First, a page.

The irish setter boots should be eligible for the yearly cleaning described by @Demolition i would imagine. I think thats a fantastic service but upon reflection i dont need something like that for my iron rangers.
 
The irish setter boots should be eligible for the yearly cleaning described by @Demolition i would imagine. I think thats a fantastic service but upon reflection i dont need something like that for my iron rangers.
Yes, most Red Wing stores will offer free cleaning and conditioning for Irish Setter boots/shoes. In fact, my local store tells people that they can bring in any brand of boots or shoes for a free cleaning. This seems like a generous offer on their part, but I suspect that it's actually a sly way to get you into the store so you have no choice but to browse around! :laugh: They never put on the hard sell, but once you're in there, it's guaranteed that something will catch your eye.

In fact, that's how they hooked my Dad into buying two pairs of Oxfords; one casual Irish Setter and one dressy Red Wing. I was there just to get some free laces and we left with three pairs of shoes!! My Mom bought a pair of Red Wing Oxfords, as well. I can't remember the model names but he loved those shoes. After he passed away, we donated them to the local Big Brothers chapter during one of their clothing drives. If they had fit me, I would have kept them myself.

As for the Iron Rangers... I've been looking for medium-height casual-use boots (the dreaded "urban boot"... :001_rolle) and I've been pondering them, as well as offerings from Dayton such as the Parade Boot. I own another pair of Daytons that are top-notch, so it's a bit of a toss-up since they're both such high-quality brands.
 
The retail store near me seems to have a limited stock. Didn't see any dress type shoes. I actually wear iron rangers as business casual. Easily pulled off with most models except perhaps the rough one.
 

Cannata

Contributor
@Rody
The retail store near me seems to have a limited stock. Didn't see any dress type shoes. I actually wear iron rangers as business casual. Easily pulled off with most models except perhaps the rough one.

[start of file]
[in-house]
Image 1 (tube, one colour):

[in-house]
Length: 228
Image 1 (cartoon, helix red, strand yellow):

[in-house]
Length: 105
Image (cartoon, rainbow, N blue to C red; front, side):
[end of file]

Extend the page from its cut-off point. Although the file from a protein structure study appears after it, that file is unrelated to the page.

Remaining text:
The Red Wing Web site has Iron Rangers in black harness leather. It’s a nice looking shoe. Looks like it would work well as an all around casual shoe. I’m not familiar with harness leather, but from what I could tell from a cursory Internet search it seems to be a high quality leather.
 
Those are great-looking boots, Tim. The character that they've gained through aging is incredible!

Well, I can attest to the quality and longevity of Red Wing boots. My family has been wearing Red Wings for decades and we've always felt that these are some of the best made shoes and boots on the market.

Here's a pair of steel-toe boots that I bought in 1989 for my first real job (as a logger). My memory is faulty, but I recall that they're Model 2233s. My local Red Wing store custom-ordered them from the factory with a Vibram full-lug outsole instead of the standard SuperSole non-slip outsole.

The soles have been replaced twice, the leather has been restitched and repaired several times, and I've gone through dozens of laces, but the boots function as well as the day I bought them. For maintenance, I apply boot oil throughout the field season and take them back to the store at the end of the year for the free annual inspection and cleaning.


Great looking boots! I bought mine in the Summer of 1991. I've worn mine at least 3 days per week when I'm working out in the shop since '91. Thats 28 years of faithful service. They are sadly in need of some oil which I will get to this weekend. Made in USA. I live in Minnesota and bought these right at the Redwing factory store in Redwing, MN. I often chuckle when I see hipsters wearing Redwings as a fashion statement. To me they have always been a great American made tool. I don't wear them to a bar unless I'm stopping for a beer after work with the boys in the shop. The month / year stamp on the side is still there. The picture makes it look like they were manufactured in 1981 but its actually January 1991. Thanks for starting this thread!